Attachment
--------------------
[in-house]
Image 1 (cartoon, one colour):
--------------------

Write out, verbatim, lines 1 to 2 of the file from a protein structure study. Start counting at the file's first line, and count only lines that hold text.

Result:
[in-house]
Image 1 (cartoon, one colour):